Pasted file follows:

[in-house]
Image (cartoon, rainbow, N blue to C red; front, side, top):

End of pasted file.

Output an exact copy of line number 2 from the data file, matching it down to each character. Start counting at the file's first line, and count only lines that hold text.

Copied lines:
Image (cartoon, rainbow, N blue to C red; front, side, top):